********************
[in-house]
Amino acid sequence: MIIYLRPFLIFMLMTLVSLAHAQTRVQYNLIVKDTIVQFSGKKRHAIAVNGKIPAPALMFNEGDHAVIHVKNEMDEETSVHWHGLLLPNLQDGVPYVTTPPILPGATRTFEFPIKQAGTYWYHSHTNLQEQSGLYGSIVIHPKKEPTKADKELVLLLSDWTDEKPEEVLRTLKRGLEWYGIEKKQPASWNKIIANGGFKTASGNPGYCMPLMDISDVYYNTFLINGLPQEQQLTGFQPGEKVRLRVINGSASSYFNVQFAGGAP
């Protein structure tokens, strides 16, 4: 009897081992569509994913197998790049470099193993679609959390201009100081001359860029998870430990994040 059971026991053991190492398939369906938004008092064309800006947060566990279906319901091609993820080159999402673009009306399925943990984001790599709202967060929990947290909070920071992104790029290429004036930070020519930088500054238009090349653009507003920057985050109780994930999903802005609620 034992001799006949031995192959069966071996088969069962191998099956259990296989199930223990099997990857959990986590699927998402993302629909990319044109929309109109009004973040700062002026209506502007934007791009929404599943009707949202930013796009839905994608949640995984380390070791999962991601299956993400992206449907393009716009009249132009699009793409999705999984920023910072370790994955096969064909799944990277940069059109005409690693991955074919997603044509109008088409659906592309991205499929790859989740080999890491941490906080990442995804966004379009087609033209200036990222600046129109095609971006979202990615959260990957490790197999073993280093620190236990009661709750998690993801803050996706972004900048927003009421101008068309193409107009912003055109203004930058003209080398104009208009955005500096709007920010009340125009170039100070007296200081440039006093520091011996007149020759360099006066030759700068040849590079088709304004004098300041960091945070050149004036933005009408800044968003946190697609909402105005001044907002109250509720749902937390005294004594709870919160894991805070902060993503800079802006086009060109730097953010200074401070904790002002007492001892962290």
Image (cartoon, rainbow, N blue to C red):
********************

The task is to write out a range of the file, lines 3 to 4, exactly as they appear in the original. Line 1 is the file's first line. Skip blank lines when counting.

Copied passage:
């Protein structure tokens, strides 16, 4: 009897081992569509994913197998790049470099193993679609959390201009100081001359860029998870430990994040 059971026991053991190492398939369906938004008092064309800006947060566990279906319901091609993820080159999402673009009306399925943990984001790599709202967060929990947290909070920071992104790029290429004036930070020519930088500054238009090349653009507003920057985050109780994930999903802005609620 034992001799006949031995192959069966071996088969069962191998099956259990296989199930223990099997990857959990986590699927998402993302629909990319044109929309109109009004973040700062002026209506502007934007791009929404599943009707949202930013796009839905994608949640995984380390070791999962991601299956993400992206449907393009716009009249132009699009793409999705999984920023910072370790994955096969064909799944990277940069059109005409690693991955074919997603044509109008088409659906592309991205499929790859989740080999890491941490906080990442995804966004379009087609033209200036990222600046129109095609971006979202990615959260990957490790197999073993280093620190236990009661709750998690993801803050996706972004900048927003009421101008068309193409107009912003055109203004930058003209080398104009208009955005500096709007920010009340125009170039100070007296200081440039006093520091011996007149020759360099006066030759700068040849590079088709304004004098300041960091945070050149004036933005009408800044968003946190697609909402105005001044907002109250509720749902937390005294004594709870919160894991805070902060993503800079802006086009060109730097953010200074401070904790002002007492001892962290």
Image (cartoon, rainbow, N blue to C red):